Children | Safety
December 10, 2015

Keeping kids safe from medications when visiting others

by

Medications are the leading cause of child poisoning.

 

This holiday season, the family is bound to wind up in someone else’s home — maybe someone whose days of worrying about little ones are way behind them. Before you head to Grandma and Grandpa’s, have a conversation about whether medications are out of reach of your children.

Donna Seger, M.D., medical director for the Tennessee Poison Control Center, reminds us to always “properly dispose of old and unused medicines. Flushing medicine down the sink or toilet may be bad for the environment. Throwing it away with the trash may cause less pollution, but there is a risk that other people or animals may find it. For more tips on what you can do with medications you no longer need, visit www.tnpoisoncenter.org.”

Keep these tips in mind to keep your child safe year-round:

  • Make sure all medicines and vitamins are stored where children can’t see or reach them. When guests are visiting your home, make sure their medicines are stored out of sight and reach.
  • Consider products you might not think of as medicines. Most parents store medicine up and away, but remember products such as diaper rash remedies, vitamins and eye drops are medicine, and they need to be stored safely.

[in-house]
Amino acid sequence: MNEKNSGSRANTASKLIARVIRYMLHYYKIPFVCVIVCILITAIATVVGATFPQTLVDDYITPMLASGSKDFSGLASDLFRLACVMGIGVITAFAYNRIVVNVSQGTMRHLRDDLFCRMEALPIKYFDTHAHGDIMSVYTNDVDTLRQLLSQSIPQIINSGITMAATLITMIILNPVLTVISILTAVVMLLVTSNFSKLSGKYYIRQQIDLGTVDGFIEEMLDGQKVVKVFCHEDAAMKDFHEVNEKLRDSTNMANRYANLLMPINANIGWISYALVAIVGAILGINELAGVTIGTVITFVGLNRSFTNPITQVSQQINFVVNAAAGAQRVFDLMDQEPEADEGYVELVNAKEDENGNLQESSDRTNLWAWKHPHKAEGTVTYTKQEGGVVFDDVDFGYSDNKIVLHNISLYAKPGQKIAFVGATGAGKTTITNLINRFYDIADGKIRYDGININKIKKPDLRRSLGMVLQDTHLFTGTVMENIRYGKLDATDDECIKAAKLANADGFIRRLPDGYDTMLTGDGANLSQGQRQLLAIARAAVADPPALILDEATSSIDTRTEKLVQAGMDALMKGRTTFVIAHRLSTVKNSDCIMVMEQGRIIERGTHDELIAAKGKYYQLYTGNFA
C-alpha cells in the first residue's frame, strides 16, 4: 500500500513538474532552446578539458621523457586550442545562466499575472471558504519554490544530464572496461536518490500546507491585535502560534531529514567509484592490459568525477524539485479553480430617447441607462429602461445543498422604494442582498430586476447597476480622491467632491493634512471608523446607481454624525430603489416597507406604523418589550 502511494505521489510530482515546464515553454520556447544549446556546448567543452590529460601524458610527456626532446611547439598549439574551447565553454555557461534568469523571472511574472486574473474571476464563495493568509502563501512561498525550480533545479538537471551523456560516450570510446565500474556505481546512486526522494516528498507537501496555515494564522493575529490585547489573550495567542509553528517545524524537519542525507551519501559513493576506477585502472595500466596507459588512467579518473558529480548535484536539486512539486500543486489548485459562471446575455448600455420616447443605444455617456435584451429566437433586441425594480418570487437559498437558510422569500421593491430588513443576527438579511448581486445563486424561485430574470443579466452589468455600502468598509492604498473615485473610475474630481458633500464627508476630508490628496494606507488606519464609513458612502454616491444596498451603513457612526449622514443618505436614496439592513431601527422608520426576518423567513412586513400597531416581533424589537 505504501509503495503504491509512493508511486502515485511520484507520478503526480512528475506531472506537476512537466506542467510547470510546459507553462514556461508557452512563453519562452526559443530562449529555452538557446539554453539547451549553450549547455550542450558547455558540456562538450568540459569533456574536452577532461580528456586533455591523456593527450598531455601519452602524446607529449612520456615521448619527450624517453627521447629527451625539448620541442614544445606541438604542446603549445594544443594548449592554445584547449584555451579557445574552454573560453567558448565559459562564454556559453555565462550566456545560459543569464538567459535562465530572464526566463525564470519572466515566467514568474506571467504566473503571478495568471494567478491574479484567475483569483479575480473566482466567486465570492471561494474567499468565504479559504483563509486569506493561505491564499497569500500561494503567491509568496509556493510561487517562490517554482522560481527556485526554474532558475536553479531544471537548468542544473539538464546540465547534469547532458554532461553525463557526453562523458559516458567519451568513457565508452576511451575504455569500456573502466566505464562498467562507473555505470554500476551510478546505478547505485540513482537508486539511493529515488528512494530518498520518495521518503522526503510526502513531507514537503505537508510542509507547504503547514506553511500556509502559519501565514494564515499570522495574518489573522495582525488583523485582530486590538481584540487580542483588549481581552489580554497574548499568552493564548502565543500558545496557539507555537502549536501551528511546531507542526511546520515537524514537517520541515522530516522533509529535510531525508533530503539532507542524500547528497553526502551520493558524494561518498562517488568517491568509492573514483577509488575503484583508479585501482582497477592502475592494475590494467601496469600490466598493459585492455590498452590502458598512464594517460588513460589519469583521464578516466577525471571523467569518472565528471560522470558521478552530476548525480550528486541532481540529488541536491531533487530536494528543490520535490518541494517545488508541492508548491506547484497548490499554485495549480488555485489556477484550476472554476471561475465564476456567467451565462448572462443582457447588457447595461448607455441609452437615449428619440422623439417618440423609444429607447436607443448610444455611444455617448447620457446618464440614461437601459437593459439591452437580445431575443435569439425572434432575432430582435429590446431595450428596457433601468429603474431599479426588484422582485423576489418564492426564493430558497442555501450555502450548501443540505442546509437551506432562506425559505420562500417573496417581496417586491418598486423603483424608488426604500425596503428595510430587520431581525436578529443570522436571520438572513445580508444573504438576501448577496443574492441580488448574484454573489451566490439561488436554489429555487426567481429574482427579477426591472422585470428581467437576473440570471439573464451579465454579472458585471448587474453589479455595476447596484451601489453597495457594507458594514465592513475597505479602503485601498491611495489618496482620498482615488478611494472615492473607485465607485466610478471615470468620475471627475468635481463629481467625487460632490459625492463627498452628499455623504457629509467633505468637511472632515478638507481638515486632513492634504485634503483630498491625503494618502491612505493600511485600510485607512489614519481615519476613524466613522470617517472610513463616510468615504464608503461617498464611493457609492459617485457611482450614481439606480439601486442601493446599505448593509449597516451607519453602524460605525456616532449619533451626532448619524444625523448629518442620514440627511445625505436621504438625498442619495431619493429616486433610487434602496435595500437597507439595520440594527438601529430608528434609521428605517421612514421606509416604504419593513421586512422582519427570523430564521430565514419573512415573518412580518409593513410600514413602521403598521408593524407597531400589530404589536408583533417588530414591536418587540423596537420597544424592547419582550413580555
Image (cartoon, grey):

• Buy child-resistant packages when available.
  • Do not call medicine candy.
  • Use the dosing device that comes with the medicine. Proper dosing is important, particularly for young children. Spoons used for cooking won’t measure the same amount as the dosing device.
  • Add the toll-free Tennessee Poison Help Number — 800.222.1222 — into your home and cell phone contacts lists.
  • Put the number on your refrigerator or another place in your home where it can be easily seen. And remember, the poison help number is not just for emergencies; you can call with questions about how to take or give medicine 24 hours a day, seven days a week.

 

More safety tips are available on Monroe Carell Jr. Children’s Hospital at Vanderbilt’s Pediatric Trauma Injury Prevention Program website.

Early Childhood, Safety, Poisoning

Leave a Reply